Family and Friends of Mexican Teenager Shot 14 Times By Border Patrol Demand Justice

This week in Nogales, Mexico—right across the Arizona city with the same name—family and friends of slain teenager José Antonio Elena Rodríguez walked the dead boy's casket by the border fence to protest his death at the hands of the US Border Patrol. According to reports, border agents from the US side shot Elena Rodríguez 14 times, hitting him with seven bullets. Border agents claim that Elena Rodríguez was smuggling marijuana and began to shoot when he and another individual started throwing rocks at the agents.

CREDIT: http://www.eldiariodesonora.com.mx/nota.php?nota=2274

During the funeral, El Diario de Sonora reported that the procession decided to take the casket outdoors to protest Elena Rodríguez's death. As the procession approached the international border, a US Border Patrol van was watching from the other side of the street. One young person in the procession made a lewd gesture to the patrol van, while another women screamed "Fuck you" and "Chinga to madre" at the van. There was more screaming at the van, while the procession reached the exact point where Elena Rodríguez was shot. Then around hundred balloons were released by children and adults, while one women shouted, "We know you are in the heavens, but we demand justice!"

The LA Times ran a piece that digs deeper into this story, the use of force against rock throwing and growing border tensions. Here is an excerpt:

Under agency guidelines, repelling rock attacks with bullets can be regarded as a justifiable use of force in part because rocks have inflicted serious injuries on agents. But critics have grown increasingly vocal at the frequency of such incidents and what they call a lack of transparency in follow-up investigations. Wednesday's confrontation was the third incident since September; at least 15 civilians have died in agent-involved confrontations since 2010.

"The disproportionate use of lethal force in the exercise of immigration control functions is unacceptable under any circumstances," the Mexican Ministry of Exterior Relations said in a statement. "These kinds of acts, especially because they are recurring, have been rejected by Mexican society and all of the country's political powers."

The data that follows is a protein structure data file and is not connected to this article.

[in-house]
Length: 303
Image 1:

The FBI has launched an investigation. Mexican authorities, who interviewed witnesses outside the bullet-marked medical office building where the teenager was shot, are also investigating. They urged that the US inquiry be "exhaustive, timely and transparent."

Agents in such cases are rarely prosecuted. Investigations typically conclude that they acted in self-defense. US Customs and Border Protection said in a statement that the agency's "law enforcement personnel are trained to use deadly force in circumstances that pose a threat to their lives, the lives of their fellow law enforcement partners and innocent third parties."

The circumstances surrounding some recent cases have raised questions among critics who fear a culture of impunity has taken hold among US border agencies. Some people who died have been shot in the back. Some were teenagers throwing rocks from long distances who didn't seem to pose an immediate threat to agents, critics say.

In September, Guillermo Arevalo Pedroza was killed on the banks of the Rio Grande in Nuevo Laredo after agents on an airboat allegedly came under a rock attack. Mexican officials say he was picnicking with his family.

"This father was not trying to cross the border; he was trying to pass a good day with his kids," Mexican President Felipe Calderon told the Wall Street Journal in an interview last month.

The video claiming to show Arevalo Pedroza's killing was posted on YouTube in September. It has gotten over 46,000 views.

As for Elena Rodríguez and his family, the Chicago Tribune reported that the family plans to file a civil suit against the US Border Patrol.

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